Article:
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The times are odd as credit unions are still trying to manage a gusher of mortgage refinancing in their pipeline and as members start coming to their doors, which could be closed, seeking help because they’re losing their jobs or suffering some other impact from the coronavirus.

CU Times has been reaching out to credit unions around the country to check on how they’re managing the wave of economic distress from the COVID-19 pandemic.

On the west coast, that includes two of the nation’s largest credit unions: BECU of Seattle ($22.2 billion in assets, 1.2 million members) and First Tech Federal Credit Union of San Jose, Calif. ($13.1 billion in assets, 610,473 members). Both responded to questions via email late last week.

BECU had expected its loan portfolio to grow about 5% in 2020, and it was on target through the first quarter, at least through Friday’s email from Scott Strand, BECU’s COO.

“However, interest rates are much lower than we planned for, which is fueling both higher than planned loan originations and higher than planned runoff,” he said.

“Our focus right now is to help our members refinance and save money in this low rate environment, as well as providing credit and assistance to members who have been impacted by the economic effects of the outbreak.”

Strand said he and others at the credit union “are deeply concerned about the social and economic impacts of the outbreak on our employees, members and community.”

“We are facing unprecedented times as a community and it is still too early to assess the impacts on our members,” he said. “We are focused on minimizing impacts to our members with loan modifications and other tools to help them through this situation.”

BECU can direct members to its Member Assistance Program, where credit union employees meet with members to find sensible options, which might include modifying an existing BECU loan, taking out a new loan for debt consolidation or setting up a free consultation with a Financial Health Check specialist for better budgeting ideas.

It has also created a 0% personal loan for members affected by COVID-19. Applicants can receive loans for $500 to $2,500 with an option to defer payment for 90 days.

First Tech had originally expected to originate about $2.61 billion in residential mortgages this year — about on par with 2019. It now expects residential mortgages to rise 5% to 10% to roughly $2.7 billion to $2.8 billion.

That presumes growth in the first half of the year, and slightly lower volumes in the second half.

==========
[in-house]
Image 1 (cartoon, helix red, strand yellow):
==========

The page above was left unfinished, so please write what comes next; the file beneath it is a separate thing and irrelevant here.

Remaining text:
First Tech is on track to fund $650 million in residential mortgages in the first quarter, up more than 50% from the first three months of 2019. It expects second-quarter originations to rise 15% in 2020 to about $720 million.

About 30% of the growth is from the historic drop in rates and members are moving to refinance their loans. While purchase loans typically account for about 60% of First Tech’s mortgage transactions, refinacings now account for 75% of new mortgages, Bruce Dickinson, First Tech’s SVP of mortgage lending, said.

But First Tech is adjusting its projections based on the relative influence of low interest rates versus the projected disruption of COVID-19.

Dickinson said he expects the number of homeowners seeking help on mortgages to increase substantially in coming months. It already has plans in place designed for 60 to 90 days of relief, similar to its disaster relief program.

Like many lenders, its mortgage delinquencies are now extremely low — less than 0.25%.

“First Tech’s member base is strong and our credit and underwriting discipline has been excellent over an extended period of time. We will continue to monitor trends in this volatile market, but we do not see or anticipate any major changes in our mortgage loan performance in 2020,” he said.

On the consumer loan side, First Tech has activated its “Emergency Loan Program” that includes immediate, low-cost cash payment skipping for those with existing loans. Repossessions, foreclosures and other adverse actions are being reviewed and in some cases suspended depending on the member’s specific situation.

“Ensuring that our members know that we are here to support them during this time of instability is critical,” Sandi Papenfuhs, SVP of consumer lending, said.